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Western Washington University is considering eliminating or drastically reducing its computer science department, a proposal that comes amid a growing need for software developers and engineers in the state.

“It was a big surprise to me. I didn’t dream that anybody would consider reducing the computer science department in the 21st century,” said WWU computer science chair Geoffrey Matthews. “There is such a huge, huge need for computer scientists. It had never occurred to me that they would consider doing that as one of their first responses to a budget cut.”

In fact, Matthews believed that the department — given the need for software developers in the state — would be a candidate for increased resources. The department has placed its students at Adobe, Boeing, Microsoft as well as smaller Bellingham software companies like Logos Bible Software and DSI over the years.

Matthews received the news that the department was in jeopardy last week.

“I was stunned,”  Matthews tells GeekWire. “All of our students have multiple job offers, and they are all going into high-tech jobs at $60,000 to $70,000 right out of school which, of course, is exactly what we need to get the state of Washington out of the recession that it is in.”

Budget cuts are forcing cuts across multiple departments at Western, from art and theater to geology and sociology, according to a statement on the proposed cutbacks released earlier this month.  It is unclear from that statement just how the computer science department will be impacted.

A growing need for Computer Science grads in the state (Source: HECB)

But Matthews, who joined the department in 1985 and was named chairman last year, said he’s been told that the university is considering the elimination of the computer science major altogether. At this point, about 100 students are majoring in computer science.

The department, which has about a dozen faculty members, graduates about 40 majors each year. Just this year, the department accepted 90 new majors and is on a significant growth trajectory.

Existing majors will be able to complete their degrees. But, over time, the major would be phased out if the proposal goes through, Matthews said.

“Just the fact that it is being considered, strikes me as bizarre,” said Matthews.

A key meeting is being held between University administrators and computer science faculty today at 2 p.m. to consider options. The proposal comes just as technology leaders are set to gather in downtown Seattle for the annual Technology Alliance luncheon, an organization which over the years has touted the importance of boosting higher education in the state.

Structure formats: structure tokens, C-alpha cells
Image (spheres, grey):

“If you go to the front page of Western, they have a mission statement. And one of their top goals is to serve the state of Washington,” Matthews said. “Well, according to the (Higher Education Board report) the need for computer science majors outstrips all other needs for higher education in the state of Washington by far.” (See chart).

Many graduates of the program are outraged at the possibility. Scott Laird, a 1997 graduate, said that computer science grads were the second highest paid of all new graduates coming out of the university in a 2009 to 2010 survey.

“Personally, I’m shocked that they’re even considering closing the program,” said Laird.

UPDATE: Following today’s meeting with university administrators, I reached out to WWU Computer Science Chair Geoffrey Matthews for an update. He said the meeting confirmed what was communicated earlier today.

“Yes we are being considered for a cut (and before other departments or colleges, such as Fairhaven), but no decisions have yet been made,” Matthews says. “Our only real hope right now is that the legislature’s budget cuts are no bigger than 3 percent.”

We’ll keep tracking the story, and share more details as they arise. Also, it is worth noting that Seattle tech entrepreneur Jeremy Jaech — chair of the Technology Alliance — mentioned the situation at Western in remarks today at the annual technology luncheon.

“What we talk about and how important education is to our economy and for Washington state students, we are still cutting it, and that it is a real shame,” said Jaech.

Follow-up: Western Washington University Provost: ‘We’re not looking forward enough” with computer science

Previously on GeekWire: “UW’s Ed Lazowska on the engineering talent crunch”

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